Muslim Women Who Wear Veils Are Choosing to Be Unequal
Even in liberal democracies, Muslim women who cover their faces relegate themselves to second-class citizenship.
In October, Canadians voted out Stephen Harper's Conservative Party in favor of Justin Trudeau's Liberal Party. The election sideshow that captivated me most centered on whether a Muslim immigrant from Pakistan, Zunera Ishaq, should wear a niqab during her citizenship ceremony (a niqab is face covering that leaves only a women's eyes visible). Courts had recently struck down the government's ban on niqabs, though it only covered citizenship ceremonies. Harper favored the ban, saying the the niqab is part of an "anti-women" culture. His position gave him momentum in the polls, but also raised cries of Islamophobia and intolerance. Ironically, Harper's take on the niqab is precisely that which liberals and feminists once held.
A long time ago, I was engaged to a woman who wore a hijab, a head scarf that frames the face and, unlike the niqab, leaves a woman's face fully visible. I later lived in the United Arab Emirates, where I taught English to Arab women. All wore the hijab. The differences between the hijab and the niqab are significant. The hijab in no way impedes a women's ability to communicate. In some forms of Islam, extensive covering of a woman's face and body is related to female modesty because it's believed that women seduce men merely by revealing themselves. In any case, women are held responsible for whatever feelings they arouse in men. Billboards all over the Middle East reinforce this as they show variations of two pieces of candy, one wrapped and "safe," one "uncovered" and swarmed by flies, with captions of "Hijab/niqab is security," or "Which candy would you eat?"
Yet all the hijabis I've known personally have spoken out against the niqab as a demeaning practice, something only used by ultra-fundamentalist Muslims. That's because covering the face limits women's opportunity. By taking away the ability to communicate and interact with other humans, face coverings obliterate identity and thus ensure second-class status.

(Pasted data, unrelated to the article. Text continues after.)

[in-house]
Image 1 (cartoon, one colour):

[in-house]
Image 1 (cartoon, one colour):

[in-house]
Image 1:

Yet as the Canadian controversy was playing out, voices on the feminist left seemed united in favor of the niqab. Writing at Huffington Post Canada, Shahla Khan Salter lamented that Muslims are "on the brink of losing our fundamental freedoms" if women were forced to remove their face coverings during citizenship ceremonies. I'm not sure why Salter feels the mandate to show your face at a citizenship oath equates to tyranny, but she believes that the anti-niqabi stance derives from "hatred," and she says the 3.4 percent of Canadians who are Muslims all felt threatened by Harper and his minions. She's wrong.
Indeed, a poll found that 57 percent of Toronto's citizens—including 48 percent of its Muslims—support a ban at citizenship ceremonies. At HuffPo Canada, Raheel Raza argued in favor of a more extensive ban of "the niqab and burka in public." She writes, "As a Muslim mother who never saw a niqab when I was growing up in Karachi, Pakistan, I am astonished to see Canada's judiciary caving in to Islamists who have nothing but contempt for Canada's values of gender equality."
Philosophically, I am against state bans of this sort, but that's only one part of the discussion (albeit arguably the most important part from a libertarian perspective). But I agree with Muslims such as Raza who think the niqab is by definition dehumanizing and sexist. Tolerance implies a two-way street, and the niqab is a narrow, one-way alley. Yes, some women choose the niqab, and to chide them as suffering from theological Stockholm Syndrome may be unfair and patronizing. But the fact remains that such women have willfully chosen to be unequal.
That Saudi Arabia has strict dress codes is connected to why women are not allowed to drive or vote. The most powerful Saudi Arabian woman still takes a back seat to any Saudi male. The more covered women are, the less equality they have, and this is quantifiable. Consider life for women under the Taliban, the Islamic State, or Boko Haram. Could Benazir Bhutto have led Pakistan in a niqab?
In secular democracies that protect individual rights and religious expression and practice, we can champion a woman's right to cover herself. But should we be blind to or silent about what the niqab represents? Though we may unequivocally support the right of individuals to make wrong choices, we also reserve the right to criticize such decisions (and to have our decisions criticized as well). The notion that niqab offers women freedom or power should be excoriated for the delusion that it is. Simply, women can have equality or the niqab, but not both.